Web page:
We need to address automotive radar interference such that it does not become a blocking point for autonomous driving initiatives.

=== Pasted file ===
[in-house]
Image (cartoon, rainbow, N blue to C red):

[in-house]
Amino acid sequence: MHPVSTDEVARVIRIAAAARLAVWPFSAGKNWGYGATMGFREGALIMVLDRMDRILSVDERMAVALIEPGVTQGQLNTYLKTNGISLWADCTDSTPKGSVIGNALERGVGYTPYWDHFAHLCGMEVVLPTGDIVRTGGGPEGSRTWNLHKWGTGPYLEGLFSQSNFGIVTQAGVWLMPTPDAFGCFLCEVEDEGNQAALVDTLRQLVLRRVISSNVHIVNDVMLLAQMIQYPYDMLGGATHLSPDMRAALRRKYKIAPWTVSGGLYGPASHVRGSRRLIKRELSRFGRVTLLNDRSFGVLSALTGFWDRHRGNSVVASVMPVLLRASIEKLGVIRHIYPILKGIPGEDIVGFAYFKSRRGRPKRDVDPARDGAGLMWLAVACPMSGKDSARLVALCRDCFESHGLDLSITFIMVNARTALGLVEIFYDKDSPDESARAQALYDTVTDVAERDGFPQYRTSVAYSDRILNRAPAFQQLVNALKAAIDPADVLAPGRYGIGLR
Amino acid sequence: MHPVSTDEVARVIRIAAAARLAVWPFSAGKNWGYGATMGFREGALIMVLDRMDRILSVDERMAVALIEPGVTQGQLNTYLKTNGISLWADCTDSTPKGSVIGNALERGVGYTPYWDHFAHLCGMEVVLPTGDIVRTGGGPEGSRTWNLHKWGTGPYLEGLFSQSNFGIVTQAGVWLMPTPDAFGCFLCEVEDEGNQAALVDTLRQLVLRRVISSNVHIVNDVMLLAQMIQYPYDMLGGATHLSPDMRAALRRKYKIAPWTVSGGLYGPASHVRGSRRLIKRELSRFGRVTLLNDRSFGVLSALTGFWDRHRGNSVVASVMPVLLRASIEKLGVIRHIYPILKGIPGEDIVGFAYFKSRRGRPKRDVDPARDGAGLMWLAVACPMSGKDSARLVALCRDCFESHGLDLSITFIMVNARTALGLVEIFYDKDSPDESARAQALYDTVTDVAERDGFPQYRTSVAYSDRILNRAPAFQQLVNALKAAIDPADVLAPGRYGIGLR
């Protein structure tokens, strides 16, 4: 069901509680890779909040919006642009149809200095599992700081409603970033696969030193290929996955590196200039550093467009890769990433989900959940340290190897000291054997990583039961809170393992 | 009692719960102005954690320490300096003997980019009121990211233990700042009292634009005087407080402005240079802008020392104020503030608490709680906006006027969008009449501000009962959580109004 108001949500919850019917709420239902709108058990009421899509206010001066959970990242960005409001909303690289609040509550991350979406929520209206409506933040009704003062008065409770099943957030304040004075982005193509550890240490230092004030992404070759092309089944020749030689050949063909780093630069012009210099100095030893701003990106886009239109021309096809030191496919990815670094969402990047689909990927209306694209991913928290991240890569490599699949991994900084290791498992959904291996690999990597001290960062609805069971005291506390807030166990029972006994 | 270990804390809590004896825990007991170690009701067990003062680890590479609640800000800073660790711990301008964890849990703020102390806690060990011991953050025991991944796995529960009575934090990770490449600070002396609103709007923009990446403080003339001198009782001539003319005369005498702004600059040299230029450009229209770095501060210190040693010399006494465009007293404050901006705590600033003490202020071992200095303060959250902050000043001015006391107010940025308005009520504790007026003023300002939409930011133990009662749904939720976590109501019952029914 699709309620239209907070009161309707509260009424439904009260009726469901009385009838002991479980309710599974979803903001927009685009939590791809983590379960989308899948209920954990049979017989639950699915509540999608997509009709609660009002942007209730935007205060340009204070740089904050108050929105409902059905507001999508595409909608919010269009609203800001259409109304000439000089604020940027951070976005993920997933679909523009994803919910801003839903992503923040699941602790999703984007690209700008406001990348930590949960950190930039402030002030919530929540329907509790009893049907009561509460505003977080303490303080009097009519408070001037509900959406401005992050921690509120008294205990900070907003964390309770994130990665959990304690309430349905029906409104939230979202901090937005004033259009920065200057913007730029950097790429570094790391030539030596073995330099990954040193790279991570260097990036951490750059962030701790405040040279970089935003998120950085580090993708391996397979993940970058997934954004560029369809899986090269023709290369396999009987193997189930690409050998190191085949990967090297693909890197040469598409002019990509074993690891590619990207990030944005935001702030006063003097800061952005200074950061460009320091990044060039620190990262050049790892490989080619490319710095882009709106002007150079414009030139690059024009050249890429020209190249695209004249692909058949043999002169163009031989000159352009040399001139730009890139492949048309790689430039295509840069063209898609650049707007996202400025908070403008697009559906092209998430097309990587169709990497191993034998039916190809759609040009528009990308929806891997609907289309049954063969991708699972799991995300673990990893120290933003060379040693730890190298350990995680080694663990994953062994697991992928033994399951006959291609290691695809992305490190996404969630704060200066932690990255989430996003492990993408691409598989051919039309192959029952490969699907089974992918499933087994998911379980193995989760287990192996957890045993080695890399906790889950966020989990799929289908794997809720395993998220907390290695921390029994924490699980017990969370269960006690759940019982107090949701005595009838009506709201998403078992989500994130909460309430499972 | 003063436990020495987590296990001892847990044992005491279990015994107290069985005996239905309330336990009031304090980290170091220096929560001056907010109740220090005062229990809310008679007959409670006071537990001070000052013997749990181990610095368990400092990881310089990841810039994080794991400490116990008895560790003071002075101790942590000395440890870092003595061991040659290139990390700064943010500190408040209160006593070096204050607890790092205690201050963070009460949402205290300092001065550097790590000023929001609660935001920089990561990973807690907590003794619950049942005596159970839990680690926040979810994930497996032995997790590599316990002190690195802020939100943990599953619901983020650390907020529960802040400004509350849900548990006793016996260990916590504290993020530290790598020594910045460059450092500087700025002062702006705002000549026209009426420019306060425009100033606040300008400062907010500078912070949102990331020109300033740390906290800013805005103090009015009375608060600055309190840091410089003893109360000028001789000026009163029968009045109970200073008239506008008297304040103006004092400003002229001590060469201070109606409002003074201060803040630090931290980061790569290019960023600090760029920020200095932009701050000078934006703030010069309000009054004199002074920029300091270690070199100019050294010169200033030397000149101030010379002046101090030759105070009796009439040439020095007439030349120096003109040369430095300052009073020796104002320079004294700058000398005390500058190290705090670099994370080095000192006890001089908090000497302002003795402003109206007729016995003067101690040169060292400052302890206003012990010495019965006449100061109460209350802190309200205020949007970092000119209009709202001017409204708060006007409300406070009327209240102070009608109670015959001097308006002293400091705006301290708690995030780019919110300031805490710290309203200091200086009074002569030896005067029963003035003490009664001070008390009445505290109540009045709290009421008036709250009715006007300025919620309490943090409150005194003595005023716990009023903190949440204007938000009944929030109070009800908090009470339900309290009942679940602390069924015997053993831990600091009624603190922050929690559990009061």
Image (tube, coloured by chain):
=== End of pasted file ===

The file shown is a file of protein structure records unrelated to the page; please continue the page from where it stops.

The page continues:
Automotive radar sensors share a limited frequency bandwidth. Interference will therefore increase even further as radars are integrated into more and more cars. This may result in objects with a low radar cross-section to be lost during tracking or not to be detected at all, leading to dangerous traffic situations. ‘This may even become a blocking point for autonomous driving initiatives,’ Vaucher explains. ‘Within the CRUISE project we investigate novel approaches to tackle these interference issues. We are looking into separating the signals by coding them, for example.’ Not even the powerful linear chirping signal itself is sacred in the quest to tackle interference and to realise high-resolution affordable radar. ‘We work in close collaboration with experts in radar signal processing at TU Delft, such as professor Yarovoy from the group of Microwave Sensing, Signals and Systems. Our aim is to determine the next chirp wave-form, one that would be less susceptible to other radars or self-interference. At the Electronics Research Laboratory, we have the knowledge and means to then develop the circuits that will be able to generate and decipher these signals. Automotive radar is a very exciting multidisciplinary problem and it is really important to close the loop of circuit design and signal processing.’